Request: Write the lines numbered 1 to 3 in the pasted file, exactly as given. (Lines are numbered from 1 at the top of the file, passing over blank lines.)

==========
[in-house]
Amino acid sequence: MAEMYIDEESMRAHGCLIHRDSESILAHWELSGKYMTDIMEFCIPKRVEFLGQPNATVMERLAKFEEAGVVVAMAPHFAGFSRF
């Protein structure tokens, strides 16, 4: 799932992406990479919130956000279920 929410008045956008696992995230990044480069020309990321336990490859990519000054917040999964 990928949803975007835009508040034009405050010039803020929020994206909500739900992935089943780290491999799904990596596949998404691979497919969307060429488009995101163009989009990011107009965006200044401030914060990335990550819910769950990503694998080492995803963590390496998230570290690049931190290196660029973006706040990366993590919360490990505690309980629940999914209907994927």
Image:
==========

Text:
[in-house]
Amino acid sequence: MAEMYIDEESMRAHGCLIHRDSESILAHWELSGKYMTDIMEFCIPKRVEFLGQPNATVMERLAKFEEAGVVVAMAPHFAGFSRF
């Protein structure tokens, strides 16, 4: 799932992406990479919130956000279920 929410008045956008696992995230990044480069020309990321336990490859990519000054917040999964 990928949803975007835009508040034009405050010039803020929020994206909500739900992935089943780290491999799904990596596949998404691979497919969307060429488009995101163009989009990011107009965006200044401030914060990335990550819910769950990503694998080492995803963590390496998230570290690049931190290196660029973006706040990366993590919360490990505690309980629940999914209907994927």